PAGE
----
Blackbutt (Eucalyptus pilularis)
Blackbutt is a large Australian hardwood that is commonly used for structural and exterior applications.
The name Blackbutt came about due to the tree’s appearance after bushfire, whereby the buttress – or butt – was significantly darkened. It is also known as Coastal Blackbutt to distinguish it from the tableland species, New England Blackbutt.
Due to its quick growth and versatility, Blackbutt makes a good plantation timber. It is a commonly available commercial hardwood species in New South Wales and southern Queensland, often used for building framework.
The heartwood ranges from golden yellow to pale brown, although occasionally a slight pinkish colour may be present. The sapwood, which is not always easy to distinguish, is much paler in appearance and is resistant to attack by lyctid borer. Blackbutt has an even texture and generally straight grain making it appealing for interior use applications.
Blackbutt can be stained, painted or polished but there can be issues with painting because of its tendency to surface check. The high extractives of mature wood can cause problems with some adhesives, but this is much less of an issue with young regrowth wood. These extractives can also cause staining on painted surfaces exposed to the weather. Blackbutt machines well but is only fair for steam bending.
Blackbutt has been found to be suitable (by the Building Commission in Victoria) for home construction in bushfire areas (provided it has a thickness greater than 18mm).
A strong, durable hardwood, Blackbutt can be used for a range of structural, exterior and interior applications including framework, decking, flooring and poles.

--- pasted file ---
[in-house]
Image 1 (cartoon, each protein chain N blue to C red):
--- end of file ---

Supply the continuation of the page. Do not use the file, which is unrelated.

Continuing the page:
|Very Low||Low||Medium||High||Very High|
|Very High||High||Reasonably High||Medium High||Medium||Reasonably Low||Low||Very Low|
|Structural No 1||Structural No 2||Structural No 3||Structural No 4||Structural No 5|
|Very High||High||Reasonably High||Medium||Low||Very Low|
|White, Yellow,Pale Straw to Light Brown||Pink to pink brown||Light to dark red||Brown, chocolate, mottled or streaky|
Modulus of Rupture – Unseasoned
Modulus of Rupture – Seasoned
Modulus of Elasticity – Unseasoned
Modulus of Elasticity – Seasoned
Maximum Crushing Strength – Unseasoned
Maximum Crushing Strength – Seasoned
Impact – Unseasoned
Impact – Seasoned
Toughness – Unseasoned
|Medium – 15-25 Nm|
Toughness – Seasoned
|Medium – 15-25 Nm|
Hardness – Unseasoned
Hardness – Seasoned
(> 25 years)
|(0-20 years, usually <5)||(21-40 years)||(41-64 years)||(>65 years)|
|Marine Borer Resistance|
|Lyctid Borer Susceptibility|
EFH Spread of Flame Index
|EFH Smoke Developed Index|
|Critical Radiance Flux – Lower|
>2.2 and <4.5kWm 2
|Critical Radiance Flux – Higher|
>2.2 and <4.5kWm 2
|Smoke Development Rating|
|Fire Properties Group Number|
1 – Non Combustible
2 – reasonably non combustible
3 – slightly combustible
4 – combustible
Average Specific Extinction Area
|BAL 12.5, 19 and 29 – All AS3959 required applications|
Coastal Blackbutt, Pink Blackbutt
Blackbutt has an even texture. The grain can be interlocked but it is generally straight, making it appealing for interior use applications such as flooring and joinery. The heartwood ranges from golden yellow to pale brown, although occasionally a slight pinkish colour may be present. The sapwood, which is not always easy to distinguish, is much paler in appearance. Small gum veins may also be visible.